them look light green?
Interested in you answers.
See if your browser isn't set to medium, for text and display size.
The vines are 4 years old. This is the first year in hydroponics. For
adaptation purposes I limited the amount of clusters this year. I limited my
yield to mere liters after crush. I'd thought of thinning clusters to
nothing at all, but wanted to harvest some to see what submersion in water
would do to the fruit.
I took a trip to niagara to compare my clusters with soil grown cab franc on
mature vines and noticed little difference. I took my refractometer with me
to compare Brix. Niagara had a high sugar level, but it was expected since
my vines took off late this year and we've had an eternal spring. Summer was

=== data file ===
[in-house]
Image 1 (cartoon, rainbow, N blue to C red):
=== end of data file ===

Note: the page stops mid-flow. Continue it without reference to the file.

a bummer. No one got good sugar here this year, and therefore I can't reach
a decent conclusion.
As for flavour. The jury is still out until this first batch is ready to
bottle and age.
Regarding simulating flavors...that too is a matter to be determined.
However, I have heard others suggest it can be done. Even so, the proof will
be in the bottle. There are ways of customizing the nutrient solution to
influence grape flavor.
In the previous post I mentioned the flood and drain system, which keeps the
roots wet, and highly oxygenated, rather than constantly submerged. If
submersion influences sugar, the flood and drain is the solution. Also,
aeroponics is another method which keeps grape roots wet.
Next season I will be employing two methods alternately. Beginning with the
static bubble to maintain turgor pressure for evapotranspiration, and then
switch over to flood and drain in mid to late summer into October to
maintain nutrient levels and cut back on water.
As for leave color. the real leafcolor is all over the spectrum, and I
didn't bother tweeking the tint in the images.